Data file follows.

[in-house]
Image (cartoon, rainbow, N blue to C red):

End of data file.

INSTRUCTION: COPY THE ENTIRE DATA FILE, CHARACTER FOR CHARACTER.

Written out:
[in-house]
Image (cartoon, rainbow, N blue to C red):